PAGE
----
Advocates for probation reform gather in the Capitol rotunda (Capital-Star photo).
By Elizabeth Randol
The second half of 2020 will be remembered as a time when tens of thousands of people risked their lives during a pandemic to take to the streets to demand an end to police violence and deep, structural reforms to our nation’s broken criminal legal system.
So-called probation “reform” bills —SB14 and HB1555— currently being considered by the Pennsylvania state legislature are a slap in the face to every single person who has taken action in the past months to demand change.
The probation system in Pennsylvania is in dire need of reform, to be sure. The approximately 178,000 people currently on probation account for almost half of all Pennsylvanians in the criminal legal system.
Pennsylvania law gives judges the discretion to set probation terms up to the maximum length of the criminal sentence that a person is accused; most judges in other states are limited in this respect.
Pennsylvania also allows judges to sentence individuals to a probation term even after they have completed their prison sentence or terms of parole. While most other states cap probation terms between two to five years, Pennsylvania remains one of the few that places virtually no limits on probation terms.
Like every element of a criminal legal system rooted in systemic bias, probation impacts Black Pennsylvanians and other Pennsylvanians of color more so than it does white Pennsylvanians.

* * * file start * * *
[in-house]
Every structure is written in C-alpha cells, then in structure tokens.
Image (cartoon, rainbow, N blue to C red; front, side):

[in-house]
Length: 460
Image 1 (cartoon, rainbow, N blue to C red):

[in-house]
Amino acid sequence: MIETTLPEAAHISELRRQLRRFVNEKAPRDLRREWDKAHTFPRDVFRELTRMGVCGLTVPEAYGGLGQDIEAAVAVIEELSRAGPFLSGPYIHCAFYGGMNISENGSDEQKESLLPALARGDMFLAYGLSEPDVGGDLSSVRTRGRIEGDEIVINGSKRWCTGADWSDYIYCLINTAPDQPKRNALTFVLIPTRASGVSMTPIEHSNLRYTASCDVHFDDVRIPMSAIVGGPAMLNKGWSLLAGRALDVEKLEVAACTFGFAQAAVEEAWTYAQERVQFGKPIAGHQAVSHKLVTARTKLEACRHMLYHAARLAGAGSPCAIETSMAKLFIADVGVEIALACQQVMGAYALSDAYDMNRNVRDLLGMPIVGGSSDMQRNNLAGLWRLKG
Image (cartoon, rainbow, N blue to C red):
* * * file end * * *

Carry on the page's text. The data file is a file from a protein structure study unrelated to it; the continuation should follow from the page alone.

That’s why the ACLU of Pennsylvania was happy to join a number of other advocates in supporting the initial efforts by a bipartisan group of legislators to bring probation reform to the table and address the probation crisis in the commonwealth.
However, that initial support vanished the moment legislators began to amend the bill, stripping away the core elements of meaningful reform.
The amended probation “reform” bills not only remove caps on probation terms, but go even further by eliminating all the originally proposed opportunities for someone to reduce the length of their probation sentence, allowing indefinite probation to continue in Pennsylvania. Without these and other key pieces of reform that have been amended out of the bill, passage of the House and Senate bills would make our state’s broken probation system worse and continue to accelerate mass incarceration.
Now, as if these amendments gutting a once strong reform bill weren’t offensive enough, an amendment proposed by Rep. Sheryl Delozier, R-Cumberland, would divert “savings” from the system — not to fund programs that address the underlying causes of supervision violations, such as access to jobs, education, housing, and community-based health services — but for basic training for police officers.
In other words, in the face of one of the largest, sustained popular movements since the civil rights movement, Pennsylvania legislators are responding with a bill that might fund the police, if this meager bill saves any public dollars at all, and will most certainly further entrench the commonwealth’s broken probation system and mass incarceration crisis.
And they’re calling it “reform.”
Passage of this bill will give the chance for legislators to pat themselves on the back and claim bipartisan victory. But it will also mean that the chance for true, meaningful reform to the state probation system could be gone for the unforeseeable future.
We can’t allow state legislators to squander the chance for real reform. Sadly, should either the House or Senate bill be signed into law, it will amount to little more than a wasted opportunity.
Elizabeth Randol is the legislative director at ACLU of Pennsylvania.
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